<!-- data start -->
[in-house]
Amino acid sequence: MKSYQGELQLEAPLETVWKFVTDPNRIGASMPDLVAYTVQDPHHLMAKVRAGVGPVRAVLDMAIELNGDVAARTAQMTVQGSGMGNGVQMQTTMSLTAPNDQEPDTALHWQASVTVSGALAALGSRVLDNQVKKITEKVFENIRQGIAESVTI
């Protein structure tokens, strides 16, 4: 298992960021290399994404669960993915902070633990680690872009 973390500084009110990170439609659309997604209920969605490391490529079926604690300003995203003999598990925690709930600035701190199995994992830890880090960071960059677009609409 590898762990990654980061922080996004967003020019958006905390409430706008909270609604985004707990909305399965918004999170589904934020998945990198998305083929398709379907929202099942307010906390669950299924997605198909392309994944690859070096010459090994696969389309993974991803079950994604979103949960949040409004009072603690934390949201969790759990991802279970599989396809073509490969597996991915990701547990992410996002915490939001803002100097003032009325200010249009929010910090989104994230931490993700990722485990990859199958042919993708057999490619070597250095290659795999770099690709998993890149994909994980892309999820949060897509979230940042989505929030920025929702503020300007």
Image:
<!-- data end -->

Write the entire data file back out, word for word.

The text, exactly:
[in-house]
Amino acid sequence: MKSYQGELQLEAPLETVWKFVTDPNRIGASMPDLVAYTVQDPHHLMAKVRAGVGPVRAVLDMAIELNGDVAARTAQMTVQGSGMGNGVQMQTTMSLTAPNDQEPDTALHWQASVTVSGALAALGSRVLDNQVKKITEKVFENIRQGIAESVTI
């Protein structure tokens, strides 16, 4: 298992960021290399994404669960993915902070633990680690872009 973390500084009110990170439609659309997604209920969605490391490529079926604690300003995203003999598990925690709930600035701190199995994992830890880090960071960059677009609409 590898762990990654980061922080996004967003020019958006905390409430706008909270609604985004707990909305399965918004999170589904934020998945990198998305083929398709379907929202099942307010906390669950299924997605198909392309994944690859070096010459090994696969389309993974991803079950994604979103949960949040409004009072603690934390949201969790759990991802279970599989396809073509490969597996991915990701547990992410996002915490939001803002100097003032009325200010249009929010910090989104994230931490993700990722485990990859199958042919993708057999490619070597250095290659795999770099690709998993890149994909994980892309999820949060897509979230940042989505929030920025929702503020300007």
Image: